Arnesyssel Artmuseum

Art-exhibition at the Artmuseum in Selfoss, Iceland, 1999

I took me a long time to grasp the depths of Steinunns work. To do that I had to see her create her works og visite the exhibition on a daily basis, while her works were still on the wall. On the other hand I had no problems painting them over when the exhibition closed, however that may be. Her works affected me much deeper than any other works. The visitors of the exhibition were also deeply affected, and some left the place in anger and resentment – yet they were not able to descripe their thoughts no matter how hard I tried to make them do it,  because I was so eager to know what they were thinking.

Steinunn paints directly on the wall; old patterns meant for embroidery and weaving. They originate from a very beautiful republication of the patternbook by Jon Einarsson of Skaftafell. Jon Einarsson was an icelandic farmer who wanted to draw and publish weaving-, knitting- and embroiderypatterns to help and delight the women. The exhibition is about memories and cultural inheritance; the visible one and none the less the invisible one. Memories are usually presented in written language or in pictures, but Steinunn gives us an extensive and new view on closing in on the memories, and the exhibition turns into some kind of picturehistory that is constantly on the move in time, if the spectator takes the time to observe and sense it. Steinunn brings about life and movement in an invisible time.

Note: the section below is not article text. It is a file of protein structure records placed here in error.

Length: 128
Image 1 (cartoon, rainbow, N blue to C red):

I feel as if she is standing by a highway and a vehicle is approaching in the distance. It comes closer and closer before it rushes by. This is the moment that is captured by Steinunn; though not necessarily from the angle of the passing vehicle. There might as well even be several experiences in this phase although she herself is placed at a special point. The vehicle rushes off in another direction and vanishes into the blue mist of the future. That is how I see the patterns she paints on the wall and most times erases again. I do not know whether the tradition or the pattern itself is becoming extinguished for ever, or whether Steinunn is calling it back to our world of reification.

Maybe the pattern itself has a life of its own og wants to share its secrets when we are able to understand dem. In that way the time of the expression of the pattern may well be different and much longer than the time we associated it with in our memories and culture.

From my article in ”Morgunbladid”    

Steinunn imparts to us some sort of monastic atmosphere i this museeumbuilding that was build shortly before 1970 in the boxy style of those days. She can do that based on her immensely strong sense of space. For a moment you feel as if you are standing in front of a monastery wall in the South with faded frescoes, after she usually has wiped away the red patterns. On the floor there is a small white table and a white chair. On the table there is a book, and naturally this book is white too. In this book the artist has colleted handwritten letters and fragments of memories that opens the world of memories to you.

Hildur Hakonardottir, principal of Arnesyssel Artmuseum